Validation: the key to turning your creative ideas into successful products

We all have tons of great ideas.

But how do you know if an idea that can’t leave your head is worth further consideration? I think it’s a matter of your motivations and how interested others are in your solution.

Motivation is self-explanatory, but what about other people’s interests? Why does it even matter?

Nothing is more discouraging than spending time and energy developing a solution you believe people will love, only to discover at launch that there's no interest.

Most of the ideas come from our experiences, therefore we project them as our truth. Our truth doesn’t necessarily mean someone else’s. Usually, it’s just our perspective.

jami perspective validation

Having said that, how do you determine if your perspective represents someone else’s?

A proven and effective method for doing so is validation. In a nutshell, it’s a method for approving or disapproving assumptions about a given subject. Validation is a term often used in the business world. It represents the research and development process companies use to test product ideas before they’re released to the general public.

So… It’s the process of testing and validating ideas before launching a brand, tagline, product, service, or website.

From a lot of past experiences, I’ve summed up the three best ways to quickly and effectively validate ideas (find the fit). Here’s what I think:

1. Fake door testing

Side note: This type of validation costs some bucks. Startups usually use it.

Fake door testing is a technique used to evaluate market demand for a solution before investing in its development. It involves inviting potential customers to use your solution that is not created (but may be in development) to see how many of them will be interested.

One example of a fake door test is a landing page for your would-be business, which is ‘guided’ by a few Instagram or Facebook Ads.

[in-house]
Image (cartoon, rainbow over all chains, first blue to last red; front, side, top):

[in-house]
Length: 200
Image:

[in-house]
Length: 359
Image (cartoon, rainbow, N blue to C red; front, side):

By running a fake door test you can get validation on market segmentation (who would buy your solution), value proposition (how they found your answer), and the solution itself (what they would buy).

Running ads leading to the landing page can give you an indication that there is some interest from the specific audience with a specific value proposition. If not, then you know your advertised market/value proposition needs to change.

The most important thing about running a fake door test is that you need to focus on one metric during the test. Usually, it’s the call-to-action button click rate.

A cool addition to this is a “sign-up for updates” mailing-list form on your landing page. That way when you are ready to build the solution you have the email addresses of interested customers.

Learn more in detail about the fake door testing here.

2. Ask questions

One of the easiest and cheapest ways to validate ideas is by asking questions about them. We might as well call it an interview.

Choose up to 10 people who, in your opinion, classify as potential users of your solution and conduct a 5-10 minute long interview asking a bunch of questions about their own lives. The goal of these interviews is to validate your assumptions about them. All you want to do is ask questions and listen carefully to the answers.

Although asking questions about their life seems like a really easy task to do, it is crucially important to avoid spending time without getting to know the truth from potential customers. The biggest risk is to collect either false positives (what a great idea) or false negatives (this is never going to work).

Rob Fitzpatrick has written a great book on how to run interviews.

If you don’t have time to read 136 pages of information, check out this table of interview questions that will help you to avoid false positives or negatives.

3. Practical testing

Go out and do the thing. Once you feel ready, ask for money. If someone is ready to pay for it, boom, you have a fit for the solution.

This form of validation takes the greatest amount of resources, but you can work on your solution which is always great. This works best if you’re confident that there are people who would love your thing or you just don’t care because it’s something you enjoy doing even if no one else has shown interest yet.

My experience

To develop this idea about Jami, I used all three methods combined. Initially, I spoke with people and approved my hypothesis of existing problems. And with my skills, I could help them and earn money. So I continued the validation process and purchased a domain and built this page. From the start, this was just a landing page for me to sell my website development service. Since I started to see strong validation points (without spending a penny on ads) I’m continuing the validation process practically – I continue to build this website better and better and start to use marketing. I’ve already got some new clients in the pipeline.

So, I’m quite sure it’s worth building further 🙂

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